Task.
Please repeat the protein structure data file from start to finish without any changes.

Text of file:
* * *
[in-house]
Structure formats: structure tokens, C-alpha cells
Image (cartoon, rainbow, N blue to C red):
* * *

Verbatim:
[in-house]
Structure formats: structure tokens, C-alpha cells
Image (cartoon, rainbow, N blue to C red):